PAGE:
dedicated advocate for small and local business, the arts, Richardson Garvin on March 20, 1951, in Lom- and the environment, and she was involved with dozens poc to Frances Harrison Garvin and James R. of worthy local nonprofits and causes, including Heal Garvin. She grew up on the coast of the Pacific the Ocean, Carpinteria Arts Center, and Girls Club. Ocean in Santa Barbara and Carpinteria and spent her Behind all forces of nature, Fran had some backup childhood exploring the wilds of Montecito and the in the form of her artist and designer husband, Keith shores of Padaro Lane at Loon Point. From an early age, Puccinelli. In April 1983, the two met through a mutual Franny was known as a headstrong, energetic, resolved friend at a wedding where Fran was catering. It is individual set on making her own way in the world, and reported on good authority that Fran came to work the that she did with much gusto and fortitude. Immediately next day and said,“I met my future husband last night.” after graduating Santa Barbara It was a whirlwind courtship, High School in 1969, Franny and the two married on Febgrabbed her passport and took ruary 18, 1984. Together, they off for new territory. After a wove a dynamic web of friendseries of adventures, and a few ship, creativity, and style they described in a 2012 interview youthful mishaps, she returned at apartmenttherapy.com as home to Padaro Lane to build a “Puccinality, (poo-chin-ality), a life and her community. From the early 1980s to free-wheeling yet tasteful stew of modern … meets contempo2005, Carpinteria was Fran’s entrepreneurial studio, and she rary … meets folk … Juxtaposiquickly earned the unofficial tion and surprise.” Theirs was a title Mayor of Linden Avenue vibrant style infused with color, because of the four thriving joy, grace, and much laughter. businesses she created. Her first While Franny would never success was The Deli House, call herself an artist, she was a known for its homemade soups talented and prolific crafter of and mile-high sandwiches textiles, mosaics, and friendserved with friendly conversa- IMAGINIST: Fran Puccinelli, here with husband ships. She was a founding tion. Before the coffeehouse Keith, was dubbed the Mayor of Linden Avenue. member of the Association craze, she opened The Coffee of Creative Females (jokingly Grinder, and it quickly became a local hot spot and nicked named the Montecito Hookers), a monthly fountain of community activity. It also was a showcase meeting of women artists who made stunning hooked for curiosities and early Latin-American folk objects. rugs, pillows, and table runners that can be seen in She loved folk and outsider art and started the Frances homes throughout the county. New crafters were always Puccinelli Gallery in 1989. She exhibited artists such welcomed, skills were shared and never hoarded, and as Mose Tolliver, Howard Finster, and Bessie Harvey inspiration was profoundly encouraged. Fran was a alongside local contemporary artists. SOAP was her last woman of action and a maker. She approached her retail venture before retiring, and it continues on under work, no matter the task at hand, with optimistic enthusiasm and vitality. As local artist Dan Connally so aptly the ownership of Daniel Case. During her “biz” years, Fran was an active member expressed, “Fran was always the youngest person in of the community and often led the charge and rallied the room.” In a recent message from curator and arts advocate people with positive action. In a Santa Barbara NewsPress article from September 13, 1992, writer Kathy Price Rita Ferri to Keith Puccinelli, she expressed it aptly, quoted Fran as saying, “When you own a business, it’s “[Fran], you were the art. You accomplished so much your whole life.” Longtime friend, entrepreneur, and col- that you exhausted the rest of us. … No one could keep laborator Debbie Murphy understood this. She recalled, up with you … your great laugh will endure. And did I “Fran was committed to beauty and integrity in every- mention that your sparkling eyes are unforgettable.You thing she did. When she opened The Coffee Grinder were more beautiful with short brown hair than most on Linden Avenue, it was a dirty, rundown street, and it mermaids with flaxen tresses could ever hope to be. … looked like it was dying. Instead of complaining, Fran Fran, you are just pure love and that will live forever.” took out her broom and started sweeping the sidewalks Frances Garvin Puccinelli, age 65, passed away every day. Within two weeks, the other business owners peacefully, with her husband, Keith Puccinelli, and siswere onboard, and the street started to hum with life. ter Nancy Garvin by her side, from PSP/Parkinson’s Not long after, an official Street Committee was formed, disease on December 9, 2016, at Santa Barbara’s Serenity and the community was forever transformed.” House. She is survived by her husband, love of her life, Fran’s involvement didn’t stop at the threshold of her and partner in crime, artist Keith Puccinelli and their businesses. She was a member of the Carpinteria Val- beloved coal-black cat, Snowball. She also leaves behind ley Chamber of Commerce and served as chair of the her siblings Nancy, Louise, and Harrison; their spouses Board of Directors in 1988. In 1986, she was one of the and children; a great number of nieces and nephews; local leaders, along with Murphy, Rob Godfrey, Connie her sister-in-law, Jessica Puccinelli; and a vast and rich Korbel, Bob Ealee, and John Franklin, who founded the network of family, friends, and artists. annual California Avocado Festival—an event celebratIn lieu of a memorial, the exhibition Puccinality: The ing its 31st anniversary this October and now boasting Handmade Life of Fran and Keith Puccinelli is on view more than 110,000 visitors. She assisted in the estab- through March 4 at the College of Creative Studies Art lishment of the Carpinteria Arts Center, and farther Gallery at UCSB. Messages to the family can be sent to north she was a diehard supporter of the Contemporary 1409 Portesuello Avenue, Santa Barbara, CA 93105. The Arts Forum in downtown Santa Barbara, where she co- family extends special thanks to all those at Hospice of curated an important exhibition in 1995 with artist and Santa Barbara and Serenity House. In lieu of flowers, designer Ginny Brush called Visions of the Left Coast: please consider making a gift in Fran Puccinelli’s name n California Self-Taught and Visionary Artists. She was a to these two organizations.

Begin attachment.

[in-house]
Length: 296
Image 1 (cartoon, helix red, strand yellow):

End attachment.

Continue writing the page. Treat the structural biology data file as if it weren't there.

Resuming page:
the